Avian influenza

Avian influenza, otherwise known as ‘bird flu’ or ‘AI’, is a type of influenza virus that can cause high numbers of deaths in birds and has the potential to infect humans.

Types of avian influenza

The virus is classed into one of two types depending on the severity of disease caused in birds; ‘low pathogenic’ and ‘high pathogenic’ avian influenza.

  • Low pathogenic avian influenza (LPAI) causes less disease and can readily mutate into HPAI.
  • High pathogenic avian influenza (HPAI) causes more disease with mortality rates up to 100% possible.

Avian influenza is not exotic to Australia. LPAI is known to circulate naturally among Australian birds, and is more common in waterfowl (e.g. ducks and geese) and shorebirds (e.g. waders and sandpipers), both of which are the natural reservoirs of the virus. Most bird species are able to become infected and spread the virus.

HPAI has never been detected in wild bird populations in Australia and therefore Australia is considered free of HPAI.

Symptoms in birds

Symptoms of infection can vary with a wide range of signs.

Look out for:

  • swollen head
  • reduced egg production
  • misshapen eggs
  • respiratory distress (open-mouth breathing, coughing, sneezing)
  • diarrhoea
  • reluctance to move, eat or drink
  • droopy appearance
  • inability to walk or stand
  • unusual head or neck posture
  • sudden death in several birds.

A large number of dead birds in a short space of time is typical of HPAI infection.

Reporting avian influenza

Contact your local veterinarian or phone the Animal Disease Hotline immediately on 1800 675 888 if your birds are showing any of the symptoms listed above.

Reducing the risk of avian influenza in your poultry flock

There is no vaccination for avian influenza virus for poultry in Australia. Biosecurity is the best defence to protect poultry flocks from disease. The focus is on minimising contact between poultry flocks and wild birds. Husbandry and hygiene practices to achieve this level of biosecurity include:

  • keep feed and water inside sheds where practical, or ensure they are covered and difficult for wild birds to access
  • ensure fresh feed and water is provided daily, and keep feed and water spaces clear of faeces and other organic matter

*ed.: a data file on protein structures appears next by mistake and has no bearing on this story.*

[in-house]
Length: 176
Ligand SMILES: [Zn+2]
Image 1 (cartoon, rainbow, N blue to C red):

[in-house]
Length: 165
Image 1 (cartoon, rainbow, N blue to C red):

• ensure drinking water is treated (especially if using water straight from a natural water source such as a river or dam)
  • ensure regular testing of treated drinking water, to make sure treatment is effective
  • minimise the presence of vegetation that attract wild birds (particularly waterfowl)
  • prevent the mixing of several species of poultry together (keep chickens, ducks and turkeys separate)
  • limit visitor contact with birds
  • keep new birds separate from your flocks (held in a quarantine pen) for at least 4 weeks until you are sure they are disease free after transportation
  • contact your local veterinarian or PIRSA to improve your overall flock’s health, such as vaccinations.

Human health risks

There is very low risk of birds infecting humans with avian influenza, but there have been a few hundred human deaths occur globally.

Good personal hygiene when handling birds is crucial to prevent disease outbreak. Always wash your hands thoroughly with soap and water after handling birds. People that work with poultry are also recommended to obtain the annual flu vaccine.

The Australian Government Department of Health website provides information on avian influenza in humans.

Outbreak preparation

Biosecurity SA works with the National Avian Influenza Wild Bird Surveillance Program run by Wildlife Health Australia to monitor avian influenza virus presence in wild birds to understand the risks, and prevent infection in poultry flocks.

There have been no detection of avian influenza in poultry in South Australia, however LPAI has been found in South Australian wild birds. Detections of HPAI in Australia are rare and all outbreaks have been successfully contained and eradicated.

If detected, avian influenza is declared as an Emergency Animal Disease in Australia, with action focused on eradicating the disease. The Animal Health Australia website details the response.

More information

Page Last Reviewed: 24 Jun 2019
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